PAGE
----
But I want to make it quite clear that such a massive level of support cannot and must not continue. The economy cannot continue to support subsidies to bus operations on this scale, and it is this Government's policy that such subsidies must be reduced. Of course, this means that fares will have to rise. Inflation, which poses such a threat to this country, attacks the bus industry as much as any other. If costs and wages rise to the extent that they have been doing, someone has to pay, and the Government believe that the burden on the ratepayer is already heavy enough.

So the Government believe that the level of revenue support to buses has to be reduced. They also believe that a greater proportion of the resources which are available for bus revenue support should be directed towards keeping going the public transport services in the non-metropolitan areas which are at present threatened with extinction. Only £6½ million of the £90 million grant went to the non-metropolitan counties in the allocation for 1975–76. We cannot change that allocation now. But in the allocation for next year, as is made clear in my Department's Circular 43/75, we shall give a higher proportion of the resources available for bus support to the non-metropolitan counties.

For 1975–76 almost £4·6 million of revenue support expenditure was accepted for Transport Supplementary Grant for West Yorkshire. I am afraid that we have to be quite clear that, along with the other metropolitan counties, West Yorkshire cannot expect to receive such favourable treatment in the allocation for 1976–77. Nevertheless I hope that the hon. Member will accept that the Government have this year done more than any previous Government to support bus costs.

The hon. Member has referred to the difficulties experienced in his own constituency, and the House will want me to express its understanding of and sympathy with the situation which he has described. But it would be wrong for central Government to try to interfere in the local transport and planning questions which are essentially the responsibility of the metropolitan county council, both in its role of passenger transport authority for the area and as the authority responsible for preparing the county's transport policy and programme. The West Yorkshire Passenger Transport Executive was, of course, set up under the Local Government Act 1972 and came into existence in April of last year. The West Yorkshire Metropolitan County Council and the Passenger Transport Executive deserve a good deal of credit for producing so soon after their simultaneous birth the very interesting and well-produced statement on "Public Transport for West Yorkshire" to which the hon. Member has referred. It is certainly an impressive document, which shows a real awareness of and concern for the problems of the West Yorkshire travelling public. I am sure that it is right that local transport problems should be faced and tackled in this way by the local responsible authorities, whose knowledge and experience of the situation is so much greater than anything to which central Government could ever aspire.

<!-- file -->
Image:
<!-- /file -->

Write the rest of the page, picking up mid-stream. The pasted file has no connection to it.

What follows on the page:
I am grateful for what the hon. Gentleman said about the West Yorkshire statement. However, although the county is classified as a metropolitan county, a large proportion of it is rural and cannot be compared with a truly metropolitan county in another part of England.

Other areas have much the same problem, of course, although I agree that the hon. Gentleman's own valley is an exception, or is near to being an exception, compared with many of the other areas. This is one of the difficulties of metropolitan counties. It would have been silly to have left Colne Valley out of it, although I shelter behind the fact that I had little to do with the 1972 Act.

The hon. Gentleman referred to the reports of 1972 and 1974 by the Expenditure Committee on Urban Transport planning and on Public Expenditure on Transport, and he mentioned the recommendations of the earlier report on the encouragement of public transport and asked how current Government directives could be squared with the generally favourable response to these reports.